For priests, and other ministers of religion, such reporting strikes at the heart of religious freedom. The ability to go to one’s Pastor, Minister, and priest, and be able to discuss things with them in camera without knowledge of what was discussed made public is fundamental to our religious freedoms. Taking away the confidential and inviolable nature of a ‘confession’ between a penitent and their Minister, strikes at the heart of religion itself. Who would go for spiritual counselling, confession, and aid if what you say can be reported? Who would go to counselling if what they want counselling for is a criminal act? Who would trust a priest to keep under the Seal what they have heard within confession?
Speaking as a Catholic, a priest cannot break the seal for any reason. A priest cannot divulge what is heard in the confessional even to save his own life, to protect his family, to counter a false accusation, or any other reason that people may think of, as reasons to divulge what is heard in a confession. Perhaps a look into the past may help. Historically, there have been priests who have been killed rather than reveal what they heard in the confessional: St. John Nepomucene, St. Mateo Correa Magallanes. Fr. Felipe Císcar Puig, Fr. Fernando Olmedo Reguera.
Confession, or the Sacrament of Penance as it is known to Catholics, is considered to be a central tenet of Catholicism. The Catholic Code of Canon Law states that ‘The sacramental seal is inviolable; therefore it is absolutely forbidden for a confessor to betray in any way a penitent in words or in any manner and for any reason: Can. 983 §1’.
In an article for the ABC, titled The Seal Cannot Be Broken: Priestly Identity and the Sacrament of Confession, Fr Richard Umbers, (now Bishop) stated that;
… mandatory reporting of crimes heard in confession would lead to an inevitable clash of Church against State. If, God forbid, a priest should ever be placed in the dock and inquiry made as to another person’s confession, the faithful priest will have no recourse but to be found in contempt of the very court he strives to uphold. Indeed, we have already seen this play out in the United States when a certain Father Kohlmann was asked to testify about a thief whom he had directed to restore stolen goods. The Protestant judge in the matter of People vs. Phillips (1813) described the dilemma as follows:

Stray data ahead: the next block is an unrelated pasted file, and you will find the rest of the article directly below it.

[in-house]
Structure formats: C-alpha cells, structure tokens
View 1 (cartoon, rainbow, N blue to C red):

“If he tells the truth, he violates his ecclesiastical oath; if he prevaricates, he violates his judicial oath. Whether he lies or whether he testifies the truth, he is wicked, and it is impossible for him to act without acting against the laws of rectitude and the light of conscience.”
Of course, when confessions were made anonymously, in a confessional, behind a screen and curtain, all of the above would be a moot point. It is early days yet, and much has to be worked out between the Churches, and the States, on what is entailed, in the widening of the Reportable Conduct Scheme.
It is never easy being a Christian, and trying to follow the will of God. However, in the end, we must all come to the realisation of Who is in charge.
Fr. Ken Clark is a priest of the Personal Ordinariate of Our Lady of the Southern Cross. The personal ordinariate enables Anglicans to enter into full communion with the Pope while preserving elements of their distinctive Anglican spiritual and liturgical heritage. Fr. Ken was ordained in the Sale Cathedral, by Bp Christopher Prowse on the 19th October 2013.